A couple of thoughts on the passing scene:
~Roy Moore beats Luther Strange in Alabama. There were certain local factors in play: Mr Strange and the corrupt former governor Bentley had enjoyed a mutually beneficially relationship whereby then Attorney-General Strange called on the legislature to suspend impeachment proceedings against the Governor, and Governor Bentley then appointed Strange to the Senate. Whether a creature from the Alabama swamp is best suited to drain the Washington swamp is a reasonable question for voters to ponder.
Whereas, whatever one feels about Roy Moore, he's principled enough to be willing to lose his job over the Ten Commandments and same-sex marriage. That's unusual in American politics.
But in a certain sense this election was a primary between the industrial-strength Bannonite MAGAlicious Donald J Trump (as represented by Moore) and the house-trained semi-neutered General Kellyfied McMasterized Donald J Trump (as represented by Strange). And the house-trained Trump lost. There's a lesson in that: The man who said he could shoot a guy on Fifth Avenue and his base would stick with him was essentially told by the base that, when he wanders too far down the GOP establishment end of things, they're just as happy to shoot him.
Or to put it another way: Mitch McConnell figured he could use Trump as a vessel to drag Luther Strange across the finish line. And the base said, "Get lost, creep. Trump's our vessel."
~This morning I started the day with Justice & Drew on 1130 Twin Cities News Talk. The focus was mainly on the ongoing NFL anthem controversy - and, more importantly, what it says and where it leads. You can listen to the full discussion here.
I was also there to promote my first appearance in three years in Minneapolis. It's this coming Monday, October 2nd, an evening with the Center of the American Experiment, live on stage at the Guthrie Theatre. You can find more details here. If you're in the Minnesota area and would like to attend, please click here and enjoy a $25 discount on the ticket price by entering the promo code steynclub.
~Our Song of the Week this week was a medley, half of which was "At Last". Texan reader Ken Brady sent this very touching letter, which is well worth your time:
Thank you for the column on one of my favorite songs. I was a professional trumpet player for many years. I wish to tell you a fairly brief story about 'At Last'.
In 2005 I was called out of Texas because my father was passing away back in my home of Ohio—Lorain, on Lake Erie. By the time I got there he was in hospice, which was very tragic for me, of course. He was not conscious. My brother had brought in a boom box, and they were playing a CD of Andrea Bocelli, on a loop.
Now I think you will agree that there is probably no better music for hospice than Bocelli, whatever that says about it. But it was left playing on the loop even when we were gone. My Dad was a World War Two veteran, in the Army (in which I also served) and he had been a machinist at BF Goodrich. There was no reason on earth or evidence that he was an admirer of Bocelli. In fact I became convinced that he was probably getting more and more pissed off deep down in his comatose state, because he couldn't turn it off. I mentioned it to everyone else, and my brother took note of it, and the next day he came in with a CD of Glenn Miller's Greatest Hits, which my Dad had loved.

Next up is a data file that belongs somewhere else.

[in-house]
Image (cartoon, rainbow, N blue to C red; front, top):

Some of the tunes were pretty jumpin'. It turned the morbid death watch into something much different. One of the songs was 'At Last', which my mother said had been his favorite song, and that he had sung it to her on their wedding day. He was not much of a singer. She married him anyway.
Well, Dad held on another day and a half, and the big band music played on the whole time. Other old-timers in the hospice enjoyed it as well. There came a moment, however, when his breathing changed dramatically, and we knew the time had about come. He was failing fast. 'At Last' was playing on the stereo. We stood about his bed. There was a loud catch in his breath, and he stiffened, just as the pretty little coda played at the end, between the woodwinds and the trombones. My brother said goodbye, and said, 'Say hi to Grandpa for us!' Then Dad breathed out deeply and was gone. The song ended. The stereo clicked off and we stood in silence.
I'll never know why the boom-box stopped looping and clicked off at just moment. My brother has his theories. But whenever I hear the song now I get pretty emotional, and I'm a 59 year old man who served in the Army ten years.
PS Sometimes I think I like your obits and columns about old showtunes and movies the best. I miss the year of Sinatra, and go back and visit them sometime.
Thanks for that, Ken. Quite a story. This week's Song of the Week is one of our live-performance editions, and of an Italian (though non-Sinatra) bent.
~Programming note: Later today I'll be back on air north of the border with the great John Oakley live across my hometown on Toronto's AM640.The fun starts at 5pm Eastern.
Speaking of fun, we have quite a bit of it in The Mark Steyn Club, with radio serials, video poems, a quarterly newsletter, live planet-wide Q&As, and much more. I appreciate the Club is not to everyone's taste, but, if you're minded to give it a go, either for a full year or a three-month experimental period, you'll find more details here - and, if you've a loved one who'd like something a little different for a birthday or anniversary, don't forget our new gift membership.